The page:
Posted in Parental Alienation & Narcissistic Personality Disorder

Sex differences in narcissism

In gender studies, the analysis of gender differences in narcissism shows that male narcissism and female narcissism differ in a number of aspects.

Jeffrey Kluger, in his 2014 book The Narcissist Next Door suggested that our society, still largely patriarchal, is more likely to tolerate male narcissism and aggressiveness than these of females.[1] This assertion was voiced, although without definite proof, by a number of other researchers.

In 2015 a number of media outlets reported[1][2] about a study at the University of Buffalo which analyzed 31 years of data of narcissism research and concluded that men consistently scored higher in the first two of three aspects of the Narcissistic Personality Inventoryleadership/authority, exploitative/entitlement, and grandiose/exhibitionism.[3][4] The team leader of the research, Emily Grijalva, commented that on average this difference is slight (a one-quarter of a standard deviation) and there was almost no difference in the exhibitionism dimension (which covers such aspects as vanity, self-absorption and attention-seeking). She notices that a similar degree of difference is observed for other personality traits, e.g., slightly higher neuroticism for women or slightly higher risk-taking for men.[5] The reasons of reported gender difference were outside the scope of the study, however the authors speculated that it is rooted in historically established social conventions about what is acceptable for a particular gender and what are the traditional social roles for genders.[5]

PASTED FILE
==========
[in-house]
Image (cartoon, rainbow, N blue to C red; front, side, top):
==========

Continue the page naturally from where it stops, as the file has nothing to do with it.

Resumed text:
A number of earlier studies (on smaller scales) reported similar bias.[6] A further indication for the trend was a 2008 finding that the lifetime narcissistic personality disorder is more prevalent for men (7.7%) than for women (4.8%).[7]

In my experience the numbers are about the same, maybe the article should be updated. Continue reading “Sex differences in narcissism”

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Posted in #Complex Trauma, #Pathogenic Parenting, A Narcissistic Parent, a pathological liar, Parental Alienation & Narcissistic Personality Disorder

High-Conflict Divorce: Antecedents and Consequences | Behavioral Health

High-conflict divorce can deeply affect the lives of parents and children. When parents separate, children can suffer emotionally, resulting in adverse developmental outcomes such as low self-worth and attention deficits. In cases of high-conflict divorce involving domestic violence or child abuse, heightened levels of childhood depression and anxiety can also result. These affective issues can contribute to significant distress for involved child throughout the lifespan. Given the adverse nature of high-conflict divorces, mental health professionals must provide appropriate interventions to ensure the welfare of children are a top priority.

Continue reading “High-Conflict Divorce: Antecedents and Consequences | Behavioral Health”